PLDT: We’re talking to Globe for bilateral IP peering

Telecom firm PLDT disclosed it has initiated discussions with fierce rival Globe Telecom for an Internet Protocol (IP) peering arrangement to improve local Internet linkages and speed up broadband speed in the country.

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As early as August 14 this year, PLDT said its officials have reached out to their Globe counterparts to open discussions on a bilateral IP peering agreement.

PLDT said it subsequently submitted a draft proposal based on internationally accepted peering practices, and is in active discussions with Globe.

Aside from Globe, the dominant carrier did not say if it is keen on exchanging Web traffic with other Internet service providers through the Philippine Open Internet Exchange (PHOpenIX).

Last month, PLDT reached an agreement with the Department of Science and Technology (DOST) to connect to the PHOpenIX to give its subscribers faster access to government websites hosted in PHOpenIX.

PLDT also provided rack space in ePLDT’s Vitro Data Center facility, where DOST has set up and operates its third PHOpenIX node.

“Our discussions with Globe are part of a broader effort of PLDT to improve Internet services in the country,” said Ernesto R. Alberto, PLDT executive vice president for Enterprise and International Business and president and CEO of ePLDT.

He said PLDT is still “pursuing several parallel initiatives that taken together will help deliver an improved Internet experience for Filipinos.”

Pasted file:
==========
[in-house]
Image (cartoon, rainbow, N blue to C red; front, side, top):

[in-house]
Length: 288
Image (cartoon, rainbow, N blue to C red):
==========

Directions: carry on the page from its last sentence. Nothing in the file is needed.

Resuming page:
“Local peering will help improve the Web experience of Internet users in the country by keeping local traffic local. That is why we struck an agreement with DOST and why we are pursuing another one with Globe,” Alberto said.

“But we need to combine this effort with other initiatives to really have a substantial and sustained impact on the Internet experience of our customers,” he added.

The PLDT official explained that about 95 percent of the Web content accessed by Filipinos are sourced overseas, primarily North America and to a lesser extent Europe.

Moreover, Filipinos’ Internet habits are shifting towards multimedia content, particularly high-definition streaming video, which are much more bandwidth-heavy than other Web traffic.

As a result, the required international cable capacity to carry the growing multimedia traffic from abroad is rising rapidly, the company said.

Alberto explained there are two ways to address this challenge. First, PLDT is periodically building additional international cable capacity to stay ahead of the soaring demand for multimedia content.

Second, PLDT is storing or “caching” in its data centers in the country as much popular overseas Web content as possible.

To support that effort, the PLDT Group operates six data center facilities with a current total capacity of over 3,200 racks.

Two more data centers will be operational by first half of 2016, which will raise the conglomerate’s total capacity to over 8,000 racks.

“Local caching really helps, but this has limits. A lot of the most sought-after Internet content is very dynamic. Like, you cannot locally cache news sites or secure web sites such as those of banks and other financial institutions,” he said.

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